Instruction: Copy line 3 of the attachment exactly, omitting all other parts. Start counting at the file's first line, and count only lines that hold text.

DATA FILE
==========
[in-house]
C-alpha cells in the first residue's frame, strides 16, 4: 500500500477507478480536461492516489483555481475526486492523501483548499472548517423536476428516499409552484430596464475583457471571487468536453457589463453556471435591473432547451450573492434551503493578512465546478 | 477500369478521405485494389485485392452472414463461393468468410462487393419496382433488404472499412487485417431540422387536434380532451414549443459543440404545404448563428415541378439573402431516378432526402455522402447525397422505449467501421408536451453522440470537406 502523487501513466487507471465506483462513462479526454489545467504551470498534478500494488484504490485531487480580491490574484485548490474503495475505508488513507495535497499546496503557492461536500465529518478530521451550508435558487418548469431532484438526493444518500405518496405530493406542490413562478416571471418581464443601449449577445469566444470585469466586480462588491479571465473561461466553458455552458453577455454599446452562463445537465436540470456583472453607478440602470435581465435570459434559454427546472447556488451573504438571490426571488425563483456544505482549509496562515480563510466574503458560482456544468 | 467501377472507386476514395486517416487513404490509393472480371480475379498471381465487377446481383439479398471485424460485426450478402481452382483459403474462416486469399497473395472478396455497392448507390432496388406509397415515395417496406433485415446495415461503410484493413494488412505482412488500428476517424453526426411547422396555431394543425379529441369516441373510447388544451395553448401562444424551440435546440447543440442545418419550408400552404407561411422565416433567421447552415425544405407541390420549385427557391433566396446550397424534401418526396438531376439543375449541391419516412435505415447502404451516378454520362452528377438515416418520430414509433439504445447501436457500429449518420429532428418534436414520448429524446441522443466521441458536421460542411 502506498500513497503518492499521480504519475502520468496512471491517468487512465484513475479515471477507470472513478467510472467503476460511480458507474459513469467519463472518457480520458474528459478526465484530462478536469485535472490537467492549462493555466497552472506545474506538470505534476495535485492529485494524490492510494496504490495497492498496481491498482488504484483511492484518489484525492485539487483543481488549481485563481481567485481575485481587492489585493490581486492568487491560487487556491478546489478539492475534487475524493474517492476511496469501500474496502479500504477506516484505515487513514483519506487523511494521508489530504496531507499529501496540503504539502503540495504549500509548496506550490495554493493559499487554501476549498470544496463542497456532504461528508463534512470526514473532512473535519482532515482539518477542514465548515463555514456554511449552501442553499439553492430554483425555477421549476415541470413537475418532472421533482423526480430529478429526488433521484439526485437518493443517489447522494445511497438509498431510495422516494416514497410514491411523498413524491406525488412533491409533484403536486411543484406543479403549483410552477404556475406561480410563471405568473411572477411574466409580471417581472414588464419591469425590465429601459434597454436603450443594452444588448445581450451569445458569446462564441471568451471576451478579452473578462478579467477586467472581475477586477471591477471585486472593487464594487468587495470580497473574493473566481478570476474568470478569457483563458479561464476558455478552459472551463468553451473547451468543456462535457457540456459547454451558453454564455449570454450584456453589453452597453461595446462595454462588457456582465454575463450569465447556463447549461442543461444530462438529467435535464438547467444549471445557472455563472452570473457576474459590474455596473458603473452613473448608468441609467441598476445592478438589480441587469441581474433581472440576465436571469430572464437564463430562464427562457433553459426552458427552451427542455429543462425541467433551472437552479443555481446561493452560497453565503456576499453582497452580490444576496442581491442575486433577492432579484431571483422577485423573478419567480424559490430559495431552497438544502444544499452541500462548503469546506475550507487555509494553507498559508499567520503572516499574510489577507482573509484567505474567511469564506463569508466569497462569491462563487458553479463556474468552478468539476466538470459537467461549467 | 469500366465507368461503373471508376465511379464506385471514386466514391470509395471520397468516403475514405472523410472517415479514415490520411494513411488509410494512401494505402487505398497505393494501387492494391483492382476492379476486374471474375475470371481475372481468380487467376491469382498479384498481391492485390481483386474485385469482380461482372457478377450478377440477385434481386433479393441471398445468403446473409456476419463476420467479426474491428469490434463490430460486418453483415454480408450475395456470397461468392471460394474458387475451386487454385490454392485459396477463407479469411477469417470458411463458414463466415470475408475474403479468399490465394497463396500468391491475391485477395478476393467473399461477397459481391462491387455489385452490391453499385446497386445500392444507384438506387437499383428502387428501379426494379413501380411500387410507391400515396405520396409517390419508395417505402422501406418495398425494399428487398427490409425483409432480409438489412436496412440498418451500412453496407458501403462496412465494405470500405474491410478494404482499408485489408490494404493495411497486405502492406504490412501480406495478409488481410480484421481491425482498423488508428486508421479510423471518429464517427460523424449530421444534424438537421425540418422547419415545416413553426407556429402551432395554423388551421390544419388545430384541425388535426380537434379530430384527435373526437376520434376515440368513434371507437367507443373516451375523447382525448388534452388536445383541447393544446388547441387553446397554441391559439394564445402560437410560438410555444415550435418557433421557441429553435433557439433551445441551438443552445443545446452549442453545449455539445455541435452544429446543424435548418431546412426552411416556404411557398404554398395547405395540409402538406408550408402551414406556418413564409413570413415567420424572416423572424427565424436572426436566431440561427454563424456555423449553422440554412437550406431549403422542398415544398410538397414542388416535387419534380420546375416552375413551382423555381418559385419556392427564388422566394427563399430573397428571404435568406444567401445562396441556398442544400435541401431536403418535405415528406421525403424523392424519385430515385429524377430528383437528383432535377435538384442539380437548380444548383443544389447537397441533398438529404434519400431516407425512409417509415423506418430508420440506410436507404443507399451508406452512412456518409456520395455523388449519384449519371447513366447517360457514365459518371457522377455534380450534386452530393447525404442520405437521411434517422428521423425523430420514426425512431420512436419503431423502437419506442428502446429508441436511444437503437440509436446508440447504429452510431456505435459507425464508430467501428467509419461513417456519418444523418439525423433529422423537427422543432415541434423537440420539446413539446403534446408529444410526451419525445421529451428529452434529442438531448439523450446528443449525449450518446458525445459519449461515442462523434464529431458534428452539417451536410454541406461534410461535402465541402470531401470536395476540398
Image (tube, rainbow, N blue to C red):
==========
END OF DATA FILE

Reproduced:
Image (tube, rainbow, N blue to C red):